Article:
Now, however, a growing body of research and reporting has tied those rejections of pro-equality policies to visible racial disparities in health and wealth. These linkages in many cases have provided data to back concerns within black communities that have long been dismissed as conspiratorial ravings. Yes, police really are stealing from black communities by way of discriminatory tickets. Yes, much of the conservative push to enact more restrictive voting laws is intended to dilute black voting power. Those linkages are empowering in a way, cutting through decades of gaslighting and disbelief. And they all point to the potential utility of reparations, not just as a way to address the legacy of slavery, but as the only way to reckon with the caste system that America allowed to be built as it looked the other way after slavery’s end.
The idea of reparations is somehow both avant-garde and extraordinarily old. Its reemergence stems from a broad reassessment of the trajectory of black America’s material conditions, and a realization that even with the extraordinary efforts of individual black people and some political and economic protections, true equality always appears just out of reach.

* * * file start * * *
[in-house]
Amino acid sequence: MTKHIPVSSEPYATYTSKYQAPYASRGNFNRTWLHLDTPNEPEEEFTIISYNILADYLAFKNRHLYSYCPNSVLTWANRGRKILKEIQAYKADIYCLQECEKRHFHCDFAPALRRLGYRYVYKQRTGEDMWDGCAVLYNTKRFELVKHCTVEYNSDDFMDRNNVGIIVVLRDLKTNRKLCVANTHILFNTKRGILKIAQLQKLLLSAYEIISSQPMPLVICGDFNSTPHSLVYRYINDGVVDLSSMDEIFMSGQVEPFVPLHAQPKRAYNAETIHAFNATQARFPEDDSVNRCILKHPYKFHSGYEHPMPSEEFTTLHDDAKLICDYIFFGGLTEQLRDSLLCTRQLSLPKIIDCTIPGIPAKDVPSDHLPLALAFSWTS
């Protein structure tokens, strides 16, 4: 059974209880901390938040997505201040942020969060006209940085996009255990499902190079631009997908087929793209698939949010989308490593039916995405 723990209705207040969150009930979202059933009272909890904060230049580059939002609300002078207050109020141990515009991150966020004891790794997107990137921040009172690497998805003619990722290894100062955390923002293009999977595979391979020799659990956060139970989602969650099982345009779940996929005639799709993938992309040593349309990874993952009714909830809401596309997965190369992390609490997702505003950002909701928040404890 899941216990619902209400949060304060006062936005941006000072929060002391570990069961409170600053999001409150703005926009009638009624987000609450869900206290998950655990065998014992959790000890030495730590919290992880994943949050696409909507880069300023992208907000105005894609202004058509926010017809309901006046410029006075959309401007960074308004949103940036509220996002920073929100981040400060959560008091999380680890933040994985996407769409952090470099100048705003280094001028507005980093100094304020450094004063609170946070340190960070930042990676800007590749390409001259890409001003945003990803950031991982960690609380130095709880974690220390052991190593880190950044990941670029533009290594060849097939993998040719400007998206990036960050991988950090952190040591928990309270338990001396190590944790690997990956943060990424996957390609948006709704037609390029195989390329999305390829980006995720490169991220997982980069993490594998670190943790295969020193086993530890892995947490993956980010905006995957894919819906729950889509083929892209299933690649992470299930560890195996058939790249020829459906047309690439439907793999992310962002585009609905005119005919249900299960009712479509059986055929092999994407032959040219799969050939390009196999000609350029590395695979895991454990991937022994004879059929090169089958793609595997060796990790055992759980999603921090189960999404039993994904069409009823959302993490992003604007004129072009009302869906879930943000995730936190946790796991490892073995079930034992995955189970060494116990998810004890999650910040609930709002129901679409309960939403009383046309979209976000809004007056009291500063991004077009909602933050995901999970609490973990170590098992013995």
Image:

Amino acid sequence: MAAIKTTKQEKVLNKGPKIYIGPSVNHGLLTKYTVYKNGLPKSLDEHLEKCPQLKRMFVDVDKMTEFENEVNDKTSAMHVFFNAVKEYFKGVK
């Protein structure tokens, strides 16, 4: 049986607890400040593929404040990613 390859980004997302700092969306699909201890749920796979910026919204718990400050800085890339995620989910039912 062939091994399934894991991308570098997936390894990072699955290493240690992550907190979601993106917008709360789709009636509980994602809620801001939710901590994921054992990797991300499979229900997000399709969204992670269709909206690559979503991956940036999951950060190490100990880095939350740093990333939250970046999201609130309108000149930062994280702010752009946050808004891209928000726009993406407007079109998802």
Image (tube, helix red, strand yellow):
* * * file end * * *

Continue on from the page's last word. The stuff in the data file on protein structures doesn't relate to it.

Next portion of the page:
The reparations debate now necessarily extends beyond slavery, drawing from Jim Crow and more recent discriminatory practices in the North and West. Scholars are producing estimates of exactly how much wealth was stolen by tools such as restrictive covenants and mass incarceration. And, critically, researchers have also clearly outlined exactly how state power helped produce the wealth of those who have it: through favorable tax policy, social insurance, powerful institutions, and massive land and wealth transfers. America has pursued most of the programs Du Bois desperately wanted to create during Reconstruction. But the country has enacted them mostly for white people instead of the scions of the enslaved.
Read: American history, marked and unmarked
There is a ledger, and more and more black Americans believe it must be balanced. Resistance to that notion is perhaps best encapsulated by Senate Majority Leader Mitch McConnell, who said on Tuesday: “I don’t want reparations for something that happened 150 years ago … We’ve tried to deal with the original sin of slavery by passing civil-rights legislation and electing an African American president.” Conveniently, McConnell did not mention Jim Crow, the reason it took 100 years for civil-rights legislation to be passed after the Civil War. And if he does view the election of President Barack Obama as a duly appointed form of reparations, then McConnell’s own resistance to, and repeated stonewalling of, Obama’s presidency deserve some probing.
In American politics, as President Donald Trump’s career suggests, time and inertia confer legitimacy. The national celebration of emancipation has reverted to a purely historic endeavor, one stripped of the demand for full equality. Slavery has been relegated to a hazily indistinct past, and the ways in which it obviously influenced modern law are elided. Among those who wish to share in the font of white political power, this mythology is purposeful and empowering.